October 2, 2023

Angela Onwuzoo 

A Consultant Paediatrician in the Clinical Services Department of the Nigerian Institute of Medical Research, Yaba, Lagos, Dr. Agatha David, has said that adolescents living with HIV need a lot of support and encouragement from parents, caregivers, healthcare workers, and society to take their drugs. 

David, who is a Deputy Director of Research at the institute said providing medication support to adolescents living with HIV has become imperative, said it is not often easy for them to cope with the challenges associated with the infection.

Speaking in an interview with Reportr Door HealthWise, the paediatrician said attention must be paid to the psychological, mental, and sexual reproductive health needs of adolescents living with HIV.

HIV/AIDS treatment

She explained, “They need a lot of support from parents, caregivers, healthcare workers, and society. They need to help and encourage them to take their drugs. Parents and caregivers should lovingly and firmly ensure that they take these drugs because these drugs have been shown to work. 

“And you know that the health outcomes of HIV are worse in adolescents than young people. That is why we must do all that we can to ensure that they have the support that they need to take their drugs.

“In some places, they may need to have weekend or evening clinics so that they can come at a time that is convenient for them to access care and treatment. If we put their treatment together with the older adults, they may be uncomfortable in that setting.”

The researcher stated that apart from HIV, other health conditions that impact on quality of life in adolescents were also important among those living with HIV.

“We must not lose sight of their psychological and mental need, sexual reproductive health needs, and all that. All these, we must address to ensure that adolescents living with HIV have the best quality of life,” she added.

Speaking further, David said it was also crucial for parents to disclose the status of their children living with HIV to them, warning that it is not proper for parents to conceal the status of their children who are positive from them.

The child health experts said although there was no specific age for disclosure, by age of eight, HIV-positive children should start knowing their status.

The paediatrician noted, “From the age of eight, parents should begin to tell them that they have the health condition so that by 12 years, we should have had full disclosure.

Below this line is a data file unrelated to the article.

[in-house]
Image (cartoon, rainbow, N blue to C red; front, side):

“When children don’t know why they are taking drugs or coming to the hospital, they are not likely to adhere to their treatment and the matter of disclosing to their peers is an issue that needs to be handled with a lot of counselling. 

“This is because some of these peers have not reached the cognitive level to handle the information so that they don’t expose themselves to unnecessary stigma and discrimination. 

“Disclosure to others has to be handled with care.”

David pointed out that disclosing children’s HIV status to them must be handled professionally by counsellors and paediatricians so that they will manage the information very well.

The researcher says HIV can be transmitted from an infected mother to her child during pregnancy, childbirth, and breastfeeding if she is not on treatment.

She noted that it is compulsory to test all pregnant women for HIV when they come to an antenatal clinic, stressing that it helps in the prevention of mother-to-child transmission of HIV.

Data from the 2019 Nigeria National HIV/AIDS Indicator and Impact Survey estimates that 1.9 million people are living with HIV in Nigeria.

The survey carried out by the Joint United Nations Programme on HIV/AIDS and the National Agency for the Control of AIDS indicates a national HIV prevalence in Nigeria of 1.4 per cent among adults aged 15–49 years.

Among children aged 0–14 years, HIV prevalence according to the data is 0.2 per cent. 

At the national level, viral suppression among people living with HIV aged 15–49 years stands at 42.3 per cent (45.3 per cent among women and 34.5 per cent among men). 

David noted that when people living with HIV are virally suppressed they remain healthy and transmission of the virus is prevented.  

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